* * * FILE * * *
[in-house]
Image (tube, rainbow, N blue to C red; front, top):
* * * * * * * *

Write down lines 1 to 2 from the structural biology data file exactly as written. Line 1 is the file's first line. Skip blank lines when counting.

[in-house]
Image (tube, rainbow, N blue to C red; front, top):